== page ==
Due to a lack of funding, residents at Fullerton’s Navigation Center (homeless shelter) are being moved to other shelters in the area.
“The city of Fullerton allocated $440,000 of [Federal] funds for approximately 3.5 months of full occupancy of the shelter,” Fullerton’s Deputy Director of Community & Economic Development Kellee Fritzal told The Observer. “Our 3.5 months of funding recently ended. Due to the lack of funding, the shelter residents are being placed in other shelters within the North Service Planning (SPA) area. The City is looking at options for funding of the Fullerton Shelter.”
The Navigation Center, which is operated by Illumination Foundation, is located at 3535 W. Commonwealth Ave. in a 15,700-square-foot former commercial building near the Fullerton airport. The center was designed to house up to 90 adults experiencing homelessness, with an additional 60 beds for adults in need of recuperative care as they recover from surgery and other critical hospital care.
Terry Campbell, Vice President of Marketing & Communications with Illumination Foundation, said that no residents are being put out on the streets, but acknowledged that residents are being moved to other shelters.
“We are working with the City to find appropriate shelters as needed,” Campbell said.
Nineteen of the homeless residents at the Navigation Center have ties to Fullerton. These people are being moved to one of three other shelters in the area, in Buena Park, Placentia, and Anaheim.
Fritzal said the Recuperative Care side of the shelter (60 beds) is still functioning because it is occupied through Medicare patients placed by the local hospitals; some of these are Fullerton residents.
The Navigation Center opened in August 2020. In December 2020, it was used as a COVID-only site as cases among the homeless were spreading in shelters throughout the County. Following a temporary closure in 2021, there was a grand re-opening and ribbon cutting in April 2021.
Acting City Manager Steve Danley said the City had hoped that Illumination Foundation would seek out additional County/State/Federal grants to continue the operations of the Shelter after the funds were exhausted.
The City has very recently received a $4 million grant from the State for potential purchase of Navigation Center building, which would stabilize costs long term. The building is currently owned by a third party who is charging rent for its use, according to Fritzal.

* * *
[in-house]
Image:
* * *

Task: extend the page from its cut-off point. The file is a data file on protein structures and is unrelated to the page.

Purchase of the building would require City Council approval.
American Rescue Plan Act (ARPA) funding could also be applied to operating the Navigation Center, according to Fritzal.
When approached for comment by The Observer, some City Council members said they had not been informed about the lapse in funding for the Navigation Center.
“I find it troubling that considering the unanimous support from Council to fund the Navigation Center and the Council’s ongoing commitment to help and support those in need, I am finding out about this issue for the first time from you and not from staff in either a Council meeting or other memo,” Mayor Pro Tem Nick Dunlap told The Observer. “I look forward to receiving a full download from staff and will work to ensure that there is no lapse in service or coverage for the community.”
Councilmember Fred Jung said, “Acquiring funding for the Navigation Center is a priority for everyone on the Council. We will work with our local and State representatives to find long-term solutions accordingly. And I look forward to being an integral part of that process.”
At the request of Councilmember Ahmad Zahra, City Council will receive an update from staff on this topic at their November 2 meeting, which will take place at 6:30pm at Fullerton City Hall.
Categories: Local News
All of this shocks beyond belief. The closing of this shelter positively DOOMS the city to have hundreds of people sleeping on its streets FOREVER.
The way out of this mess is to provide the necessary beds (and that means _applying_ for the necessary funding) to at minimum provide the shelter for the people sleeping on our streets.
EVERYTHING BECOMES POSSIBLE once those beds are available. And when I mean EVERYTHING that means ENFORCEMENT, real enforcement, enforcement that’s actually _morally justified_:
“Ed, we have place for you, and it’s _not_ Buchenwald. You get a bed, you get a shower, you get laundrey services, you get three meals a day. It’s 24/7 so you don’t have to worry about being kicked out. You’ll have some space so you don’t have to worry about the place being a “petri dish.” Heck, while we do want _some control_ about coming and going, we offer multiple times a day to shuttle-in and out of the place.” [This is basically the Fullerton Navigation Center].
“Now Ed, if you _choose_ not to take Option A, then since we have the beds for you, we _can_ either take you to our jail and lock you up for a couple of days so that you can better contemplate the wisdom of choosing Option A, or we can take you ‘over the hill’ to the next town, and let you try your luck elsewhere.
“But SINCE WE HAVE THE BEDS FOR YOU / ALL OF YOU we really suggest you take Option A”
YET WE CHOOSE (STUPIDLY!) to not make this kind of dialogue possible.
And so we (stupidly!) CHOOSE to keep our streets of people filled with desperate people who then “scare us” because WE KEEP THEM THERE.
This whole homeless thing is a real joke.
Except of course for the people on the streets who are _dying_ and the residents that are stuck with folks sleeping on the streets all around them because there’s no place for them to go.